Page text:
IBC is to be applauded for the way it has skilfully managed to ramp up the number of women speaking on its panels from 14% to 37%. There is a ways to go yet, of course – about 13% by the looks of it – but it’s a start.
And it’s a good start too, especially given the wider industry’s tendency to pay lip service to diversity and then run away all forgetful like.
Pleased to have played my own very small part in it by writing a piece about modern VR production techniques that signed off with a really strong quote from Zahra Rasool (pictured), the Editorial Lead for Al Jazeera’s immersive media studio, Contrast. As a tech journalist one doesn’t get to talk about diversity too often, at least not in a way that doesn’t make it sound crowbarred in there. But Zahra’s words were powerful enough that it was a no-brainer to include them and give the article a purpose above and beyond the usual discussion of resolutions and 3D engines.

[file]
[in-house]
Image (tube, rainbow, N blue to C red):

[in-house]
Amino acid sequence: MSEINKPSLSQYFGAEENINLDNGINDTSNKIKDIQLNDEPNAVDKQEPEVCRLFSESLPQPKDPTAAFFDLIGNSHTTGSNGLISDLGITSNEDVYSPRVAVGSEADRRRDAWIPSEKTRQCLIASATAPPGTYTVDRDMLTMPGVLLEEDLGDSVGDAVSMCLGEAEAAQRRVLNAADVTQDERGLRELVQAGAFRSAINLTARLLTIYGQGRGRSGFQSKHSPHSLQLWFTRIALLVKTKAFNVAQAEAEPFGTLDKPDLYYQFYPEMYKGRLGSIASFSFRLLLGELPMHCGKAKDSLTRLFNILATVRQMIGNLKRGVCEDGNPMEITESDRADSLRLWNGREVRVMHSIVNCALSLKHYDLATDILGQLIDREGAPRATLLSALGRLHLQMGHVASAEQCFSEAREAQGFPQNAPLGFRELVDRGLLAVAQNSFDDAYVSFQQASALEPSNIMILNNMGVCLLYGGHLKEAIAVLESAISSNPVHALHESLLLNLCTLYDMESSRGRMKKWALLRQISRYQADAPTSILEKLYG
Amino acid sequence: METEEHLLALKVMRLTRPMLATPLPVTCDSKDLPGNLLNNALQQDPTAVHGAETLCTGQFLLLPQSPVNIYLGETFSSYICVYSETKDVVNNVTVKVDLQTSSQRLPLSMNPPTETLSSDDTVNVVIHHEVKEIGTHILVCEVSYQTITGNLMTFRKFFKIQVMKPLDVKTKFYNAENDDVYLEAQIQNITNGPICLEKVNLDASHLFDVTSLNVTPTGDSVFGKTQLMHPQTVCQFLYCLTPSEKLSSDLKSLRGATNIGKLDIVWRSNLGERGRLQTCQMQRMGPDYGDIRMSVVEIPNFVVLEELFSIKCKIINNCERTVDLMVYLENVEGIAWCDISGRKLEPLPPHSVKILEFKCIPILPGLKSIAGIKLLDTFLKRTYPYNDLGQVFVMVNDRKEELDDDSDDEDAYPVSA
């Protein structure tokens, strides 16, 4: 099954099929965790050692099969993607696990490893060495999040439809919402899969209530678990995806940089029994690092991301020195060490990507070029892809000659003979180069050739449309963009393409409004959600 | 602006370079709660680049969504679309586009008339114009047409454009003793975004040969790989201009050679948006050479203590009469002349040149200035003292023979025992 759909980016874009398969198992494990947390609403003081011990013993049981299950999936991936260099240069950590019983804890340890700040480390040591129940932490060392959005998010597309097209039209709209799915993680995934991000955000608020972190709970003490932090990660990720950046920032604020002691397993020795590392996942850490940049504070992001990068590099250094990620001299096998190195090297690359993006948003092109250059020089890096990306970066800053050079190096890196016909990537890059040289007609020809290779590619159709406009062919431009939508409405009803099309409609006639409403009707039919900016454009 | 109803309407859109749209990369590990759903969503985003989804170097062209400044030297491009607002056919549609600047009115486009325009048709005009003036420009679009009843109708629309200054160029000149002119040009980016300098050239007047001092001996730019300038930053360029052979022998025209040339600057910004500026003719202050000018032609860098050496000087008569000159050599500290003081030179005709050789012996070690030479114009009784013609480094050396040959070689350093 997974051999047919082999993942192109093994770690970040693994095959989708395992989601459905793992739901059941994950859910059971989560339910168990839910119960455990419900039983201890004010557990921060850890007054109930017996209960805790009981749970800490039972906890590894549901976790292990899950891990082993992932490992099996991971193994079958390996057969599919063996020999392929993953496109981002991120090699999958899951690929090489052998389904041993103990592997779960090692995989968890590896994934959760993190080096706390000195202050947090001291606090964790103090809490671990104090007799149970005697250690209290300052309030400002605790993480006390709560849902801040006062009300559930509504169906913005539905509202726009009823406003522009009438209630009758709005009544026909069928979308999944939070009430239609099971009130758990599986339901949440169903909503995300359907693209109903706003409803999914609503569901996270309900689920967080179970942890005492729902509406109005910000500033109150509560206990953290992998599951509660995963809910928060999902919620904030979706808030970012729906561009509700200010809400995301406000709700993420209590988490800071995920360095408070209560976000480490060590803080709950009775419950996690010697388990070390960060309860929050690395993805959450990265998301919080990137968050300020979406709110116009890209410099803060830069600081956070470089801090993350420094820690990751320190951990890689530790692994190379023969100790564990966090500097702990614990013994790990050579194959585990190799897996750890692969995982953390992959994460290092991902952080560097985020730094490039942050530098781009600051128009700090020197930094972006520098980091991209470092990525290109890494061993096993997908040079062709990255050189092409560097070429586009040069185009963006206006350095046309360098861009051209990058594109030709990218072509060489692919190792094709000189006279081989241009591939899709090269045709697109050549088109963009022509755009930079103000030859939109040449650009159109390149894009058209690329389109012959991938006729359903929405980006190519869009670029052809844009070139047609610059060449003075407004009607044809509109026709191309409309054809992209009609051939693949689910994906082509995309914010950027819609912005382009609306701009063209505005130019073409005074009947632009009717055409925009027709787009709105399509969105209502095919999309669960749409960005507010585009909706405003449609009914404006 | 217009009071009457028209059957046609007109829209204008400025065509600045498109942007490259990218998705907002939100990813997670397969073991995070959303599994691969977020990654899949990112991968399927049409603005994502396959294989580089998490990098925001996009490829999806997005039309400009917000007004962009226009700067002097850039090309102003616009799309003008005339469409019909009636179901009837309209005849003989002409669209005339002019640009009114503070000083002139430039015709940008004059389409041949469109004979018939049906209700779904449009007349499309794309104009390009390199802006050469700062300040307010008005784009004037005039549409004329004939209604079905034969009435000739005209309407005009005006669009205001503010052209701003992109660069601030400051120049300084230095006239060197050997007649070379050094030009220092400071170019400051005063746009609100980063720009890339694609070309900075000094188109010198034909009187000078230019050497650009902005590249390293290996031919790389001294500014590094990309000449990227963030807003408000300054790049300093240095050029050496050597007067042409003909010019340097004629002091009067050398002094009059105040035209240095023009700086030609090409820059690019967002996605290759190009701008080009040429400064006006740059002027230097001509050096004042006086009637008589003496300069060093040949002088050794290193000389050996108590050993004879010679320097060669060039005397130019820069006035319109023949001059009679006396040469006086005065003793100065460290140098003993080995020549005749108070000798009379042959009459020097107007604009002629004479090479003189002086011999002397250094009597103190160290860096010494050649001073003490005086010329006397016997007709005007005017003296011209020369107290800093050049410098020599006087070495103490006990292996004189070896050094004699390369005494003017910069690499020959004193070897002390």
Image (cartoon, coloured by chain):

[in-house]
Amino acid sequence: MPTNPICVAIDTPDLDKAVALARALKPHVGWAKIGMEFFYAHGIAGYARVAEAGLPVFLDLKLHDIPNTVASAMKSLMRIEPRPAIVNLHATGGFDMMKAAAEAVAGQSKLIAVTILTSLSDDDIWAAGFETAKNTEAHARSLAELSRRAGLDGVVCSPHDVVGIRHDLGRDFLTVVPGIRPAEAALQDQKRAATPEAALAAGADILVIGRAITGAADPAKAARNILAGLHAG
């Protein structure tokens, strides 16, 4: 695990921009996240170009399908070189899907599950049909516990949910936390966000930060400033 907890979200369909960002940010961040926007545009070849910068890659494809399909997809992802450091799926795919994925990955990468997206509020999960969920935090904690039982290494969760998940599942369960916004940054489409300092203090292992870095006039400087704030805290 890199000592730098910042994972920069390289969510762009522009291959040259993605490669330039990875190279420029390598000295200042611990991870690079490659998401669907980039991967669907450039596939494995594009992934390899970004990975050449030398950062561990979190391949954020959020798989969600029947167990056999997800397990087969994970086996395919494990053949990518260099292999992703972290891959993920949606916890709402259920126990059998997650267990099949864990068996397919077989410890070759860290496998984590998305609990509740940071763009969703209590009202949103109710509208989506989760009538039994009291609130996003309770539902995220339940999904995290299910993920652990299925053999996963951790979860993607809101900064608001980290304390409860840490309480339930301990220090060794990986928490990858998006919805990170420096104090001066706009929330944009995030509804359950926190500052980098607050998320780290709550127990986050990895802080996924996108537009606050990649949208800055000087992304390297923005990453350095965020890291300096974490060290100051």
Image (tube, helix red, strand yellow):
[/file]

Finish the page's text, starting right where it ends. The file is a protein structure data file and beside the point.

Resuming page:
“The unique thing about VR is that it can immerse you in a location the way other mediums cannot,” she says. “The problem is that most of the people with access to the technology at both ends are white men. The stories that are being told are very much from that perspective, reinforcing the stereotypes that are already present in our media industry. We need to be telling the stories in a better way. We need to be telling the stories of the developing world, of the communities of colour.”
Read the whole piece here: The cutting edge of VR production